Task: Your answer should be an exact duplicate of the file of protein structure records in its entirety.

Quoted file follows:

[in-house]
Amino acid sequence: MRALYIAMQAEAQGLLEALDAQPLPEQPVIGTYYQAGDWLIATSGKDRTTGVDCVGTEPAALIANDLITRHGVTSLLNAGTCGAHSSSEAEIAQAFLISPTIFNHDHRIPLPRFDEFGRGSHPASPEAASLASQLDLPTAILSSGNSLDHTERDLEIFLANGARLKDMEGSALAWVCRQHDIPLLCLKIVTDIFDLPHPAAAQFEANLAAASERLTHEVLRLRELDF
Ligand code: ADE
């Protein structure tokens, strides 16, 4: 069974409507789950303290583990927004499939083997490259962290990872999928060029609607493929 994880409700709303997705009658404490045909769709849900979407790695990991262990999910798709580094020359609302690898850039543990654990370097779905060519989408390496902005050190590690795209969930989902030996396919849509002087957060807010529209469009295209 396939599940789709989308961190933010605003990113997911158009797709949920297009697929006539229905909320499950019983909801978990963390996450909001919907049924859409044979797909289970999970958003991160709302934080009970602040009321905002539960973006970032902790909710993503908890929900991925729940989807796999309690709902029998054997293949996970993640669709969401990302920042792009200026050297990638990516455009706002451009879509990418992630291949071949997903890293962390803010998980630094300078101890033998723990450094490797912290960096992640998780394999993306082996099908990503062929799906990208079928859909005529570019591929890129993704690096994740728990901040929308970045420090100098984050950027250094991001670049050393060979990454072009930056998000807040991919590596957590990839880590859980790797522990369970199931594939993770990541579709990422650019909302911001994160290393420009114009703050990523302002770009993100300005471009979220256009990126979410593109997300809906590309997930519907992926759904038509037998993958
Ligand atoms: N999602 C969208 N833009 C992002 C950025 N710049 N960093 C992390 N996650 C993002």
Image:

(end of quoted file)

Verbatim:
[in-house]
Amino acid sequence: MRALYIAMQAEAQGLLEALDAQPLPEQPVIGTYYQAGDWLIATSGKDRTTGVDCVGTEPAALIANDLITRHGVTSLLNAGTCGAHSSSEAEIAQAFLISPTIFNHDHRIPLPRFDEFGRGSHPASPEAASLASQLDLPTAILSSGNSLDHTERDLEIFLANGARLKDMEGSALAWVCRQHDIPLLCLKIVTDIFDLPHPAAAQFEANLAAASERLTHEVLRLRELDF
Ligand code: ADE
């Protein structure tokens, strides 16, 4: 069974409507789950303290583990927004499939083997490259962290990872999928060029609607493929 994880409700709303997705009658404490045909769709849900979407790695990991262990999910798709580094020359609302690898850039543990654990370097779905060519989408390496902005050190590690795209969930989902030996396919849509002087957060807010529209469009295209 396939599940789709989308961190933010605003990113997911158009797709949920297009697929006539229905909320499950019983909801978990963390996450909001919907049924859409044979797909289970999970958003991160709302934080009970602040009321905002539960973006970032902790909710993503908890929900991925729940989807796999309690709902029998054997293949996970993640669709969401990302920042792009200026050297990638990516455009706002451009879509990418992630291949071949997903890293962390803010998980630094300078101890033998723990450094490797912290960096992640998780394999993306082996099908990503062929799906990208079928859909005529570019591929890129993704690096994740728990901040929308970045420090100098984050950027250094991001670049050393060979990454072009930056998000807040991919590596957590990839880590859980790797522990369970199931594939993770990541579709990422650019909302911001994160290393420009114009703050990523302002770009993100300005471009979220256009990126979410593109997300809906590309997930519907992926759904038509037998993958
Ligand atoms: N999602 C969208 N833009 C992002 C950025 N710049 N960093 C992390 N996650 C993002």
Image: